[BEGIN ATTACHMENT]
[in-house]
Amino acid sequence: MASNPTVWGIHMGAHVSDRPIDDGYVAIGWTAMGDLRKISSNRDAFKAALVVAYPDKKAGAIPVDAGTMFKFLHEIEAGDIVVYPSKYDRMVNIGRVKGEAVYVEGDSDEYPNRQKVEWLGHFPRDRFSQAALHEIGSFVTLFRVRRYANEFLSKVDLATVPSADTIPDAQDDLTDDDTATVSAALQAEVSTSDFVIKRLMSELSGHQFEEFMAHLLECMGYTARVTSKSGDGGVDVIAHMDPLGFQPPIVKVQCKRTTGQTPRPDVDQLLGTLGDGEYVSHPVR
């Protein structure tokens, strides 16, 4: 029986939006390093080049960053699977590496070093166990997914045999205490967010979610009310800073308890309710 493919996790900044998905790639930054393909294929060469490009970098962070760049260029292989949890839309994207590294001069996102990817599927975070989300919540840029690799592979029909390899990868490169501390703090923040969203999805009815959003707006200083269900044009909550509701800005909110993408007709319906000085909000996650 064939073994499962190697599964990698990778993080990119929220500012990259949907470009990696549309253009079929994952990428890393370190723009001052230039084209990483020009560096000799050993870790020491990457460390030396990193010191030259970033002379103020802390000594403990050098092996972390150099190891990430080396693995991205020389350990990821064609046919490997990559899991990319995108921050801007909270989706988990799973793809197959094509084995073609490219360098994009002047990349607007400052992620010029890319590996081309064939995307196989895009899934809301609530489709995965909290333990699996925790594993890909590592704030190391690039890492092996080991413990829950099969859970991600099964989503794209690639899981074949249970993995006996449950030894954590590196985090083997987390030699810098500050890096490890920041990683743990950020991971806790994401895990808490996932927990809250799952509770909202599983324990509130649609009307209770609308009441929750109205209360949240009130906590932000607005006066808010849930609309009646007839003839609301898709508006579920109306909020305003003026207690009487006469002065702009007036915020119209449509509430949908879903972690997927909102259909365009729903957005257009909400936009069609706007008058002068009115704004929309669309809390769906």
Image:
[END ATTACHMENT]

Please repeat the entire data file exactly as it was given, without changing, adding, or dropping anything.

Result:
[in-house]
Amino acid sequence: MASNPTVWGIHMGAHVSDRPIDDGYVAIGWTAMGDLRKISSNRDAFKAALVVAYPDKKAGAIPVDAGTMFKFLHEIEAGDIVVYPSKYDRMVNIGRVKGEAVYVEGDSDEYPNRQKVEWLGHFPRDRFSQAALHEIGSFVTLFRVRRYANEFLSKVDLATVPSADTIPDAQDDLTDDDTATVSAALQAEVSTSDFVIKRLMSELSGHQFEEFMAHLLECMGYTARVTSKSGDGGVDVIAHMDPLGFQPPIVKVQCKRTTGQTPRPDVDQLLGTLGDGEYVSHPVR
């Protein structure tokens, strides 16, 4: 029986939006390093080049960053699977590496070093166990997914045999205490967010979610009310800073308890309710 493919996790900044998905790639930054393909294929060469490009970098962070760049260029292989949890839309994207590294001069996102990817599927975070989300919540840029690799592979029909390899990868490169501390703090923040969203999805009815959003707006200083269900044009909550509701800005909110993408007709319906000085909000996650 064939073994499962190697599964990698990778993080990119929220500012990259949907470009990696549309253009079929994952990428890393370190723009001052230039084209990483020009560096000799050993870790020491990457460390030396990193010191030259970033002379103020802390000594403990050098092996972390150099190891990430080396693995991205020389350990990821064609046919490997990559899991990319995108921050801007909270989706988990799973793809197959094509084995073609490219360098994009002047990349607007400052992620010029890319590996081309064939995307196989895009899934809301609530489709995965909290333990699996925790594993890909590592704030190391690039890492092996080991413990829950099969859970991600099964989503794209690639899981074949249970993995006996449950030894954590590196985090083997987390030699810098500050890096490890920041990683743990950020991971806790994401895990808490996932927990809250799952509770909202599983324990509130649609009307209770609308009441929750109205209360949240009130906590932000607005006066808010849930609309009646007839003839609301898709508006579920109306909020305003003026207690009487006469002065702009007036915020119209449509509430949908879903972690997927909102259909365009729903957005257009909400936009069609706007008058002068009115704004929309669309809390769906």
Image: